Getting the boat ready for
the season is a lot like getting the boat ready to sell. You want it to look good and operate without
any problems. That means you need to do a little preparation before you take it
out on the lake for the first time. The last thing an owner wants to do is
experience and engine failure or even worse, a fire on the first boating
weekend of the season!
To make sure the first
flotation is good for the family, let’s talk about a little spring season
preparation. Breaking the springtime
maintenance into about five different steps makes it seem easier. There is no
way we can go over all the details necessary but I’ll try and give you a pretty
Each boat is going to be
different, along with each boat owner and what they feel comfortable
Do a general cleaning of
hull, deck and topsides using a mild detergent or vinegar and water. At the same time check to make sure all the
drains and scuppers are clear of debris and flow freely.
This is also a good time
to put on the coat of a good quality carnauba paste wax. Okay, if you don’t want to use a paste wax,
use a good quality liquid wax. Whatever
kind of wax you decide to use, it is important to get a good coat on the gel
coat to protect the finish. Gel coat will oxidizing and develop a chalk like
coating. Gel coat also breaks down over
time due to the UV rays. Waxing the surface helps to prevent UV damage. If
there are any small spider cracks, wax will help to seal the cracks to
moisture. Plus the boat looks better and
has to go faster, because the surface is so slick.
This is also the time to
look into repairing any chips or cracks in the gel coat surface. Small nicks and scratches can often times be
polished out with a cordless power buffer or even a cloth and polishing
compound. If you don’t have any
polishing compound you can always do a temporary polishing with a tube of
original Crest tooth paste. The fine
abrasive in the tooth paste will help smooth out the scratches and
If the scratch is deep
enough that it needs touch up, buy a gel coat touch up kit or simpler yet, use
finger nail polish to hide the scratch.
Finger nail polish is not a permanent solution but it is an easy way to
cover a scratch and the color choices are almost unlimited.
If you have any big nicks
or blisters that need to be filled you can use gel coat to do the job. One
thing you will have to do is carve or grind the edges of the nicked area back
to remove any loose gel coat and bevel the edges so the filler can bond to the
underlying fiberglass. The edges can be
beveled with a razor knife or even a Dremel cordless tool. If fiberglass repair is not your specialty,
take the boat to a shop and have them touch up the nicks. One thing you don’t want is holes, blisters
or chips allowing water get under the gel coat.
If you have an aluminum
boat you look for dents, dings and signs of loose rivets (black soot around the
rivet). Dents just slow the boat down
(not much if they are small) and loose rivets need to be re-set to make sure
they do not leak.
If you leave your boat in
the water for the season, make sure your barrier paint and anti fouling paint
are in good condition. This is the time
to do any touch ups.
Of course, this is also
the time that you will look over all the fitting. Check cleats, stanchions, brackets to make
sure they are tight and do not have sharp edges or corrosion. Any damage to the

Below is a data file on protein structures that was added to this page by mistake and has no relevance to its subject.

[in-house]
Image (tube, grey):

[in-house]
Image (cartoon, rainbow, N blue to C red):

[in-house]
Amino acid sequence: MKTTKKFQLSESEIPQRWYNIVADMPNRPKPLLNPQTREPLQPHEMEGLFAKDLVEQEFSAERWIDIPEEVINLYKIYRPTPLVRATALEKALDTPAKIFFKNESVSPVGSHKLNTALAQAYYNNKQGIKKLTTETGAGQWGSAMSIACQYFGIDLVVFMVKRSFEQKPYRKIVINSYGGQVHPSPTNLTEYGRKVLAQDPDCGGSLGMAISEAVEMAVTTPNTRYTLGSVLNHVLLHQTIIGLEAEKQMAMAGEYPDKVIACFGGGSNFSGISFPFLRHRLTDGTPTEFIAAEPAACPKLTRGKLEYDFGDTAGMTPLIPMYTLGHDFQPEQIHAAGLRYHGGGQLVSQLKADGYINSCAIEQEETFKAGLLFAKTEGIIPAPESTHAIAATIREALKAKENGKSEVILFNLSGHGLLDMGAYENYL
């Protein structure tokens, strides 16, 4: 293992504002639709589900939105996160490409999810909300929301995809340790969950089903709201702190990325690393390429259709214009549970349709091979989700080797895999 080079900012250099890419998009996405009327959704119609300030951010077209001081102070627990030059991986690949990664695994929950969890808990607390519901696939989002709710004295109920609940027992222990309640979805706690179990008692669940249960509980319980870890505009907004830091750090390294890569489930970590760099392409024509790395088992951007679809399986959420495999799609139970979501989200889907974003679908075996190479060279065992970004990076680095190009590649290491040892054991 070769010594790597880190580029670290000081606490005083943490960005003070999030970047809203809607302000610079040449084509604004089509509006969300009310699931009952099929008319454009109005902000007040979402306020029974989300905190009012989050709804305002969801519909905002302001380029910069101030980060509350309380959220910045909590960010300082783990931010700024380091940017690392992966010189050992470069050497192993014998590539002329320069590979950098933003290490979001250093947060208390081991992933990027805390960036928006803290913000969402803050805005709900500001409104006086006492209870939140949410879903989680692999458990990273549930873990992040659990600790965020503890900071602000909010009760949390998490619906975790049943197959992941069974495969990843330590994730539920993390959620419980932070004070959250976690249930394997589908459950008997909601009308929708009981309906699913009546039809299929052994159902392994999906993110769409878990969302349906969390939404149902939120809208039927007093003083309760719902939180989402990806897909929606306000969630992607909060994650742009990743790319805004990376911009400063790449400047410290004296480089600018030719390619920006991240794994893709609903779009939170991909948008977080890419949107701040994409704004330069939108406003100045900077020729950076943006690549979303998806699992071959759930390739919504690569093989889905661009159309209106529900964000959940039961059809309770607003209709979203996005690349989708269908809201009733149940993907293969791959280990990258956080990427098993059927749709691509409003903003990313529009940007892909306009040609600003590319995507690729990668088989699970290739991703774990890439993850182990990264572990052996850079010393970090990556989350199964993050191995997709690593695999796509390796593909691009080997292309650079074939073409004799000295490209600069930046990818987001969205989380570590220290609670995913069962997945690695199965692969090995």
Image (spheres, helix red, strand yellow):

fittings can catch clothes, skin and damage ropes.
Most new boats have
reduced the amount of wood and carpet used on the exterior of the boat, but if
you have wood or carpet look for chips and tears. Wood should be sanded or smoothed to prevent
splinters and catching of skin and clothes.
A good wood sealer or teak oil should be applied to the wood to help
protect the surface from the elements.
Depending on your location you may need to add a coating to the wood again
later in the year.
Carpet should be kept
vacuumed with a good wet and dry vacuum. Clean, dry carpet lasts longer and has
less opportunity to build up mold and mildew.
Each boat is different so
the list can get quite long. That’s why
it is best to start on the outside of the boat and just start working your way
around it. By going slow and taking your
time inspecting everything you will have a better chance of catching even the
smallest of details. And don’t for get
to look at items like rub rails, swim platforms, boarding ladders, sacrificial
zincs and even running lights.
While you are inspecting
the exterior of the boat make sure you look for soft areas of the deck. Many
boats use a core material between two layers of fiberglass. This core gives the
boat strength without the weight required if it was all glass construction. But
the core is often made from a porous material such as balsa wood or foam. The
core can become damaged by moisture that seeps in through holes, cracks or seams.
Once the core is saturated it gains weight and losses its strength and
integrity. If you have ever walked on a
deck that felt spongy…that’s probably from a damaged core. Soft or damaged
cores are usually not an easy or cheap fix.
Making sure the fittings, stanchions, blocks or any other items mounted
to the deck are sealed and tightened appropriately.
If you happen to be the
owner of a sail boat you will also have the additional inspections of the
standing and running rigging. Make sure
you look for corrosion, bends or wear spots.
The sail track should be cleaned and lubricated with a dry lube. Don’t forget to check the spreaders and boots
so that they do not have damage that can ruin your sails.
Labels: boat checklist, Boat Insurance, boat maintenance, boat safety, boat service, boat wax, boating service, marine maintenance, marine repairs, spring checklist, Ultimate Boat Maintenance Projects